The number one thing to watch out for, are the charter brokers. A charter broker is a company that books trips for a commission, typically about 20%. Either the consumer or the guide have to pay it. The reason I say to avoid them, is because they’re not local guides, and don’t know anything about our fishing. It’s hard for a person on the other side of the state or even out of state to give you accurate information on local fishing. They’ll tell you anything to get you booked and a deposit. Then the guide will have to explain to you that it’s not the right time of year to target that species. They also advertise they have the best guides in the state. However, not to many guides I know want to fish for 20% less than the next guy. The easiest way to spot a broker is if there is more than one guide on the site, “light tackle fishing fleet”, or “our guides”. When you book a trip with Back For More Charters, you’re booking with me. When you ask, what will be fishing for or directions, you’ll be talking directly to me. No middle man, just me.
The next thing to watch for is the “no fish no pay guarantee”. I personally have never had a charter when we got skunked. We always catch something. However, when they guarantee you’ll catch a tarpon, you better read the fine print. No guides I know of, will guarantee you a tarpon. If you read the fine print, it’ll say you’ll see a tarpon. Getting him to eat, setting the hook, and landing the fish are up to the angler. Tarpon are a very tough fish to figure out. I’ve had days when we’ve seen over 500 and not got a bite. I probably do as much tarpon fishing as any guide in the Miami/ Fort Lauderdale area, and seeing fish is never a problem. It’s getting them to eat and landing them.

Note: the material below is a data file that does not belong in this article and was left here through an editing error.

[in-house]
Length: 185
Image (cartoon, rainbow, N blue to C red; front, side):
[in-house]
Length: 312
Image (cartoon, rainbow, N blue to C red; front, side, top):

Another thing to look for is the words “sport fisher”. Not always, but most the time it means trolling. I fish people from all around the world, and I know this is their least desirable method of fishing. Most people like to fish with lighter rods and have a pole in their hand. Opposed to trolling extremely heavy tackle. With the mate doing most the work in setting the hook and hand lining the fish the last 50 feet.
Finally, something else to look for, but is harder to figure out. Make sure you book with a “Full-Time guide” I’m a full time guide. This is what I do to support my family. Probably less than 20% of the guides in south Florida are full time. Most are fire fighters, police officers, or retired. I would ask, that’s the only way to find out. Some are good fisherman, some are not. Their rates are typically a little lower, and their local knowledge is much lower. If I’m unavailable or we need more than 1 boat, I will always recommend another full time guide for you.
Thanks and I hope you find this information helpful.
Capt. Gavet Tuttle